Feature
News
8/22/2005
09:14 AM

Tutorial: Build A Dual-Core System

Create low-cost, high-end PCs capable of running today's entertainment applications.



If you're looking to create a low-cost, high-end workstation or entertainment PC, it’s time to get up to snuff on dual-core processing technology.

The benefits of dual-core will be obvious to builders who love to multitask. With a dual-processor system installed, it means there’s a second processor core to share the load. For instance, if one processor is busy burning a DVD, the second is available to use for Web surfing or working on a PowerPoint presentation.

And while dual-core doesn’t mean your system’s chip itself is any faster, it does mean the capability exists for one chip to “talk” to another chip or device at a faster speed and with greater data throughput.

It may seem funny, but chip manufacturers such as AMD, Intel and Motorola are now touting their dual-core solutions at the same time many in the industry are wondering why the vendors hadn’t thought of it a long time ago. But let’s leave that debate to the “double-E's,” roll up our sleeves, look at what dual-core technology actually is, and examine how this technology will affect the construction of a white-box system.

Explaining Dual-Core Technology

Dual-core technology consists of placing two processors on a single die. That defines the manufacturing process, and it offers chip companies several advantages over single-core processor construction. First, manufacturers can build dual-core solutions without greatly increasing prices. Second, while dual-core processing doesn’t double performance, it does offer a significant performance increase. It also lets manufacturers scale back clock rates, reduce heat generation, and lower power requirements.

The secret lies in how the two independent processors communicate with each other. To understand that, you need to know about the underlying systems in a pipeline, cache and CPU.

Pipeline, as the name implies, is the avenue the processor uses to move instructions back and forth. The cache is the area on the die that can store the most frequently used instructions. Most dual-core processors share the pipeline, but each processor has its own cache. Pipeline sharing can help to further increase speed for applications that can leverage multiple processors, but unshared caching forces each processor to invalidate the other processors’ cache when accessing the memory controller. Another downside with a shared pipeline is that each processor must wait for the other to finish before starting its own tasks.

On traditional dual-processor systems, each CPU is treated as an independent unit with its own subsystems. With that in mind, it’s easy to see why true dual-processor systems can outperform dual-core based solutions, though at a significant increase in price. What’s more, some multiprocessor systems share a single memory controller, which can introduce inefficiencies.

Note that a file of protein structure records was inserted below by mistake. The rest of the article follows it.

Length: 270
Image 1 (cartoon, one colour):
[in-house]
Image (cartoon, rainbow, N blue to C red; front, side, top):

But what system builders need to focus on is the application of the technology, not on whether a dual-core system should replace a traditional dual-processor system. The best way to decide that is to look at when dual-core solutions offer an advantage over single core technology. To discern that, hone in on how the processor will actually be used.

Can Windows Handle Dual Core?

The primary element to focus on is Symmetric Multi-Processing (SMP). That is where multiple processors can perform concurrent tasks. SMP capabilities are software-driven, which means applications must be SMP-aware to benefit from multiple-processor systems such as dual-core.

Herein lies the biggest obstacle, as many operating systems, such as Windows XP Home, are not SMP-capable and will not make use of the second physical processor. Also, most modern programs are single-threaded, meaning there’s only a single current set of linked instructions. As a result, only one processor can effectively work with those single-threaded applications.

So does this mean that the typical system builder should abandon dual-core processors? No! The key is to use dual-core based systems to build lower-cost, high-end workstations and entertainment PCs.

Why those particular systems? Because applications exist in those environments that can leverage SMP functionality. Graphics applications such as Photoshop, and CAD applications such as AutoCAD, thrive in multiprocessor environments. Also, OSes including Windows XP Professional can benefit from SMP-compatible systems, as well as Windows XP Media Center Edition. Finally, several high-end games can benefit from SMP, especially when it comes to rendering graphics and maintaining frame rates.

As they say, the proof of the pudding is in the eating. So let’s build a dual-core system and run some benchmarks to determine what improvements a system builder can expect.